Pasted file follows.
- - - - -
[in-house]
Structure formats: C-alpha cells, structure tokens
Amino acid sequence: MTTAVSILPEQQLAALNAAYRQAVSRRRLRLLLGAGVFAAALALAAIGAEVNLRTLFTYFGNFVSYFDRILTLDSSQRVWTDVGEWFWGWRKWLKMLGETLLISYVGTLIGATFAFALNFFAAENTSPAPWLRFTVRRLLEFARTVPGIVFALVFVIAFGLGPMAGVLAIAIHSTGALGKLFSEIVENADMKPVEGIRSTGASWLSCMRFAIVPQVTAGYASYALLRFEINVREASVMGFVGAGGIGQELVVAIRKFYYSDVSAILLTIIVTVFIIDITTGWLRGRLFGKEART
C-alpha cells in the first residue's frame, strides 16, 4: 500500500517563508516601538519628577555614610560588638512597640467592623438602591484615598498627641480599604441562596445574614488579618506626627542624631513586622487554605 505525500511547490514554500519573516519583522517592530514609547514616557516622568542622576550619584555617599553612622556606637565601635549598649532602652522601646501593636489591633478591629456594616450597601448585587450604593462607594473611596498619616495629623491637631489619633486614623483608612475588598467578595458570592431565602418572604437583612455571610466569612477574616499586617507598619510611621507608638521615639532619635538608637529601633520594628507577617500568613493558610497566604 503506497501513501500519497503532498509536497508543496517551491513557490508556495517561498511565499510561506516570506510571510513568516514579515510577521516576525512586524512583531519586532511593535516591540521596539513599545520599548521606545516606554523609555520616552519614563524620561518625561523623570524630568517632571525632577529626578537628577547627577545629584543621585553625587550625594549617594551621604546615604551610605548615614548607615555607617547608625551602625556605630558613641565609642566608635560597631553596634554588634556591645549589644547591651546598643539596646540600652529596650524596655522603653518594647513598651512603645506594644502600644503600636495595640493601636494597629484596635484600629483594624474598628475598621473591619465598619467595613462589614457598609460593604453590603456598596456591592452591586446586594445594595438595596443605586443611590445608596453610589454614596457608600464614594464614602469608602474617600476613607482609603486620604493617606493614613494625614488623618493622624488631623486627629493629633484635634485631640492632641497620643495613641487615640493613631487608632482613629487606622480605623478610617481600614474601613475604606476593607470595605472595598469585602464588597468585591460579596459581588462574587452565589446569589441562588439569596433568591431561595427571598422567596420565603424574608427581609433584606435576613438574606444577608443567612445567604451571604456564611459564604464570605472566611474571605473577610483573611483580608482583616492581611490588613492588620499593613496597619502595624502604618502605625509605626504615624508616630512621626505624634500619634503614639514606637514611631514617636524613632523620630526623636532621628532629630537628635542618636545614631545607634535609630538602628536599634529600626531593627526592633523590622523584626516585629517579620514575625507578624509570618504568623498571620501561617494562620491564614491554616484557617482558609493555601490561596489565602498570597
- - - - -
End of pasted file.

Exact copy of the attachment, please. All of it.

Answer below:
[in-house]
Structure formats: C-alpha cells, structure tokens
Amino acid sequence: MTTAVSILPEQQLAALNAAYRQAVSRRRLRLLLGAGVFAAALALAAIGAEVNLRTLFTYFGNFVSYFDRILTLDSSQRVWTDVGEWFWGWRKWLKMLGETLLISYVGTLIGATFAFALNFFAAENTSPAPWLRFTVRRLLEFARTVPGIVFALVFVIAFGLGPMAGVLAIAIHSTGALGKLFSEIVENADMKPVEGIRSTGASWLSCMRFAIVPQVTAGYASYALLRFEINVREASVMGFVGAGGIGQELVVAIRKFYYSDVSAILLTIIVTVFIIDITTGWLRGRLFGKEART
C-alpha cells in the first residue's frame, strides 16, 4: 500500500517563508516601538519628577555614610560588638512597640467592623438602591484615598498627641480599604441562596445574614488579618506626627542624631513586622487554605 505525500511547490514554500519573516519583522517592530514609547514616557516622568542622576550619584555617599553612622556606637565601635549598649532602652522601646501593636489591633478591629456594616450597601448585587450604593462607594473611596498619616495629623491637631489619633486614623483608612475588598467578595458570592431565602418572604437583612455571610466569612477574616499586617507598619510611621507608638521615639532619635538608637529601633520594628507577617500568613493558610497566604 503506497501513501500519497503532498509536497508543496517551491513557490508556495517561498511565499510561506516570506510571510513568516514579515510577521516576525512586524512583531519586532511593535516591540521596539513599545520599548521606545516606554523609555520616552519614563524620561518625561523623570524630568517632571525632577529626578537628577547627577545629584543621585553625587550625594549617594551621604546615604551610605548615614548607615555607617547608625551602625556605630558613641565609642566608635560597631553596634554588634556591645549589644547591651546598643539596646540600652529596650524596655522603653518594647513598651512603645506594644502600644503600636495595640493601636494597629484596635484600629483594624474598628475598621473591619465598619467595613462589614457598609460593604453590603456598596456591592452591586446586594445594595438595596443605586443611590445608596453610589454614596457608600464614594464614602469608602474617600476613607482609603486620604493617606493614613494625614488623618493622624488631623486627629493629633484635634485631640492632641497620643495613641487615640493613631487608632482613629487606622480605623478610617481600614474601613475604606476593607470595605472595598469585602464588597468585591460579596459581588462574587452565589446569589441562588439569596433568591431561595427571598422567596420565603424574608427581609433584606435576613438574606444577608443567612445567604451571604456564611459564604464570605472566611474571605473577610483573611483580608482583616492581611490588613492588620499593613496597619502595624502604618502605625509605626504615624508616630512621626505624634500619634503614639514606637514611631514617636524613632523620630526623636532621628532629630537628635542618636545614631545607634535609630538602628536599634529600626531593627526592633523590622523584626516585629517579620514575625507578624509570618504568623498571620501561617494562620491564614491554616484557617482558609493555601490561596489565602498570597